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Turning sound into sculpture, Brian Eno fuses art and technology with 'Turntable II'
Turntable II by Brian Eno|
Image: Brian Eno 'Turntable II' 2024 © Brian Eno courtesy Paul Stolper Gallery photography Luke Walker 2024

Turning sound into sculpture, Brian Eno fuses art and technology with 'Turntable II'

Turntable II challenges conventional boundaries between sculptural art, design, and functionality by blending colour, light, and sound. 

by Ria Jha
Published on : Feb 21, 2024

The renowned musician and composer Brian Eno debuted his first Turntable collection in 2021. Eno unveiled the Turntable II in 2024 after a slew of improvements and tinkerings that demonstrated his developing creative vision. This most recent version of his inventive product design is currently on display at London's Paul Stolper Gallery, captivating audiences with its blend of artistic expression and technology.

The Turntable II is made with a circular platter and base that alternate colours on their own, phasing through various combinations of generative ‘colour scapes’ easily. The way the lights change, how quickly they change, and their pattern are all programmed, but they change slowly and randomly with the ability to play vinyl at 33 and 45 rpm. It’s the softness of these colours and the way they merge that is so seductive. When it doesn’t have to do anything in particular, like play a record, it is a sculpture,” the product designer shares. Turntable II, which Eno has called both a sculpture and a record player, may also be used as an ambient lighting piece while the vinyl is not being played.

Following his early experiments with light and sound design in the late 1960s, Brian Eno was fascinated by the complex, nuanced, and unpredictable results produced by seemingly simple deterministic systems. Eno notes that the apparent simplicity of these systems belies a deep complexity, a concept that he finds to be in striking agreement with both the ideas of cybernetics and the theory of evolution. “I use the same sorts of generative processes in music as in painting, based on overlapping unsynchronised cycles. Several overlapping light cycles will keep producing different colour balances and blends - and different shadow formations that slowly evolve and never exactly repeat. The process is simple, the results are complex. I started using light and video because I wanted to make visual experiences that had some of the qualities of musical experiences - that’s to say, that existed and changed in time. I wanted to make very slowly changing paintings, to blur the edges that separate those different forms,” Eno explains.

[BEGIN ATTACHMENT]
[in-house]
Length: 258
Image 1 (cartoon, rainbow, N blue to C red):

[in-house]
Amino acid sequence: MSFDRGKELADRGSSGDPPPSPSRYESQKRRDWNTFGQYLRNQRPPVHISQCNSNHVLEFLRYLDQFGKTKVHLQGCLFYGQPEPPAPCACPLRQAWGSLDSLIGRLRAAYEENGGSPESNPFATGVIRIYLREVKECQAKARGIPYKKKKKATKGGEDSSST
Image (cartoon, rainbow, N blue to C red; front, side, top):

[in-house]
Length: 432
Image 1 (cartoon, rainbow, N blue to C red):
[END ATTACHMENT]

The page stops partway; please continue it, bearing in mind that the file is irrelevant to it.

According to Brian Eno, the conventional boundary separating art and design is not inflexible. He compares art to media such as ceramics where interaction is innate, viewing art as including both active participation and quiet observation. Eno draws attention to the odd trend that meaning-related queries often surface in the setting of avant-garde or complex music, in contrast to the more widely acknowledged enjoyment of mainstream music. Eno emphasises the transitory nature of artistic expression and the impossibility of absolute ownership or completeness, reflecting on themes of impermanence and seizing fleeting moments concerning any possible meaning within his work.

With its blend of generative colour scapes, ambient lighting functionality, and vinyl playback capabilities, the Turntable II transcends traditional categorisations, blurring the lines between sculptural art, functional objects, and a lighting design. Eno defies preconceived ideas about what defines art and design with his visionary approach, which is based on his lifelong fascination with complicated systems and his goal to create immersive, ever-evolving experiences. Viewers are inspired to reflect on the transient aspect of life and the beauty found in living in the present moment as they are captivated by the Turntable II's interplay of light, sound, and form.

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